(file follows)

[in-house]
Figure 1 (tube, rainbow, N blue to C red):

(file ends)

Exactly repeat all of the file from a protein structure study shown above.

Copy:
[in-house]
Figure 1 (tube, rainbow, N blue to C red):